Birds of America
By John James Audubon, F. R. SS. L. & E.
THE LOGGERHEAD SHRIKE.
LANIUS LUDOVICIANUS, Linn.
PLATE CCXXXVII.--MALE AND FEMALE.
This species may with great propriety be called an inhabitant of the "Low
Countries," as it is seldom or never met with even in the vicinity of the
mountains intersecting the districts in which it usually resides. It is also
confined to that portion of our country usually known under the name of the
Southern States, seldom reaching farther eastward than North Carolina, or
farther inland than the State of Mississippi, in which latter, as well as in
Louisiana, it appears only during the winter months. Its chief residence may,
therefore, be looked upon as the Floridas, Georgia, and the Carolinas. In these
States, it is seen along the fences and bushes about the rice plantations, at
all seasons, and is of some service to the planter, as it destroys the
field-mice in great numbers, as well as many of the larger kinds of grubs and
insects, upon which it pounces in the manner of a Hawk.
The Loggerhead has no song, but utters a shrill clear creaking prolonged
note, resembling the grating of a rusty hinge slowly moved to and fro. This
sound is heard only during the spring season, and whilst the female is sitting.
About the beginning of March these birds begin to pair. They exhibit at this
time few of those marks of the tender affection which birds usually shew. The
male courts the female without much regard, and she, in return, appears to
receive his haughty attentions with merely just as much condescension as enables
her to become the mother of a family, whose feelings are destined to be of the
same cold nature.
The nest is fixed in a low bush, generally near the centre of a dwarf
hawthorn, and is so little concealed as to be easily discovered. It is coarsely
constructed of dry crooked twigs, and is lined with fibrous roots and slender
grasses. The eggs, which are of a greenish-white, are from three to five.
Incubation is performed by the male as well as by the female, but each searches
for its own food during the intervals of sitting.
The young are at first fed on crickets, grasshoppers, and other insects;
but as they become larger and stronger, they receive portions of mice, which
form the principal food of the grown birds at all seasons. The Loggerheads rear
only one brood in the season.
Whilst this species is on wing, its motions are very rapid and direct, its
flight being produced by quick flutterings of the wings, without any apparent
undulation. The bird alights in a sudden firm manner, like a Hawk, stands
erect, silent and watchful, until it spies its prey on the ground, when it
suddenly pounces upon it, striking it first with its bill, but seizing it with
its claws so immediately after, that the most careful observation alone can
enable one to decide as to the priority of either action. I have never seen it
attack birds, nor stick its prey on thorns in the manner of the Great American
This bird appears in Louisiana only at intervals, and seldom remains more
than a few weeks in December or January. It never comes near houses, although
it frequents the fields around them. It has no note at this period, and appears
singly, alighting on the stacks and fences, where it stands perched for a
considerable time, carefully looking around over the ground. As soon as the
spot is thoroughly examined, it flies off to another, and there renews its
I have received specimens of our Loggerhead Shrike, of both sexes and of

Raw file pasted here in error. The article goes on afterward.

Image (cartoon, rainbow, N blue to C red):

various ages, from Mr. TOWNSEND, who procured them on the Rocky Mountains and in
the Columbia river district. These specimens are in no respect different from
those which I have obtained in South Carolina, where it is plentiful. That this
species should occur on both sides of the continent is not very remarkable, as
several other birds are in the same predicament. The Fish Crow, for example,
affords a more striking instance, as it is rarely found beyond the maritime
districts; whereas the Loggerhead Shrike extends its movements far inland in the
States of Georgia, Alabama, and Louisiana. This species has been given as new,
under the name of Lanius Excubitoroides, in the Fauna Boreali-Americana; but the
description and figure indicate nothing peculiar; and the nest and eggs
described by Mr. DRUMMOND, especially the latter, are similar to those of the
My account of the habits of this species being meagre, I have great
pleasure in laying before you the observations of my friend the Rev. Dr.
BACHMAN, who has had much better opportunities of studying them. "Your
description of this bird requires, I think, many additions. You say it has no
song. This is true in part, but it has other notes than the grating sounds you
attribute to it. During the breeding season, and indeed nearly all summer, the
male ascends some cedar or other tree, and makes an effort at a song, which I
cannot compare to anything nearer than the first attempts of a young Brown
Thrush. He seems to labour hard, making as it were almost painful exertions.
At times the notes are not unpleasing, but very irregular.
"You speak of the male shewing but little attachment to the female. I have
thought differently, and so would you were you to watch him carrying every now
and then a grasshopper or cricket to her, pouncing upon the Crow and even the
Buzzard, that approach his nest, and invariably driving these intruders away.
Indeed I consider these birds as evidencing great attachment toward each other.
"I have usually found the nest on the outer limbs of a tree, frequently the
live-oak, sometimes the black-gum (Liquidambar styraciflua), and often on a
cedar, from fifteen to thirty feet from the ground. Once only I saw it lower,
on the toothache bush, Xanthoxylum, about ten feet high.
"I have occasionally seen this bird with young mice in its mouth, and have